It would be safe to say that even for those who count Antonín Dvořák as one of their favorite composers, they’d be surprised to learn that he wrote fourteen operas. The Devil and Kate, first performed in Prague in 1899, was written after his hugely successful — personally and professionally — stay in the United States. It is a fanciful folk tale that is farcical, funny, fantastic and brimming with Dvořák’s characteristic style.

Professional opera companies that need to keep an eye on the bottom line are reluctant to take chances on works that fall out of the core repertory — even when composed by one of the greatest and most accessible composers. Fortunately, there are funded learning institutions that can roll the musical dice and resurrect unjustifiably neglected works. The North Carolina School of the Arts (NCSA) is such an institution, and we are all the beneficiaries of their adventurousness. The A.J. Fletcher Opera Institute at the NCSA first presented The Devil and Kate at the Stevens Center in Winston-Salem then traveled east to Raleigh for two shows at the Fletcher Opera Theater — Progress Energy Center. It was here, along with a few other hearty souls, where I had the welcome experience of hearing music by a master composer that was completely new to me.

This is a huge and complex production — in some respects even more so than their record breaking run of West Side Story in May, 2007. There are twelve leads, named roles, a chorus of about 35, three major scene changes and a pit orchestra that is the size of many symphony orchestras. Considering the smallish stage, the fact that they had to accommodate this reduction in space from the huge Stevens Center auditorium, this is a minor miracle in itself. Despite the grandiosity of the assembled forces, and the fact that hell and the devil play a central role, this production had a feeling of lightness, wit and ease.

The three acts can almost be broken off as independent works as they are quite different musically and theatrically. The story begins in a small Bohemian village during a fair. The entire chorus is on stage, and with their brightly colored peasant costumes along with a similar set design, I couldn’t help think of “It’s a Small World” at Disney World. The basic premise of the first act, the avoidance of the perpetually gabbing girl, could easily be construed as sexist, but in these modern times could handily be applied to either cell phone talking gender. The parts of Kate, Kate’s mother and the shepherd Jirka were rotated and tonight Kate was sung by Stephanie Davis. She had an effusive Broadway-style stage presence and voice that was perfect for the girlish naiveté central to her role. My one real problem with this production was the mix of this type of voice with grand opera Wagnerian pipes like Nichole Annis as the Princess in Act III.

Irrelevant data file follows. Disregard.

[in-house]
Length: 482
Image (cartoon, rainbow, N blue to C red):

In the second act we all go on a trip to Hell — a most delightful place and by far the most effective act of the opera. Card playing devils (men only), Lucifer in pajamas and a wonderfully hellish set design make this worth the price of admission. Kyle Guglielmo as Lucifer is magnificent and shows up as perhaps the best pure actor of the entire cast. The story gets fleshed out here with multiple angles regarding Kate, the Princess and the Shepherd before we get transported back to Bohemia for Act III. For a detailed synopsis, go to th[e] excellent Wikipedia entry at 

The third act is the weakest of the three, especially the overlong soliloquy and arias of the Princess that take up nearly the first 15 minutes. The entire chorus eventually reassembles and, as is always the case, they live reasonably happy ever after.

Even a seasoned and professional opera company would probably not attempt to sing this in its original Czech, and this was sung in the English translation by Ian Gledhill. The diction was inconsistent: with most singers, you could understand every word as opposed to some where you wished there was supratitles. The student orchestra, conducted by James Albritten, played at the level of any world-class opera orchestra. This was an extremely difficult score that these remarkable young musicians played with confidence, authority and maturity.

This was a grand collaborative enterprise between The School of Music and the School of Design and Production at the NCSA. John Mauceri, Chancellor of this world-renown arts institution, in his brief tenure has already made an enormous difference in the scope and professionalism of the school’s productions. Coming up is the world concert premiere of Dmitry Shostakovich’s score written for Russian director Grigori Kosintev’s 1964 film version of Hamlet —  a once-in-a-lifetime event you do not want to miss.  Details can be found here: [inactive 8/09].